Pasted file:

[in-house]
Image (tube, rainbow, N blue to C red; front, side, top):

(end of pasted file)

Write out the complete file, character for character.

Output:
[in-house]
Image (tube, rainbow, N blue to C red; front, side, top):